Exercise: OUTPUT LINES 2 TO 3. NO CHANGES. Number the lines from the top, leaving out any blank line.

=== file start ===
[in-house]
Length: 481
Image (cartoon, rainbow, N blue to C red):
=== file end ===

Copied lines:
Length: 481
Image (cartoon, rainbow, N blue to C red):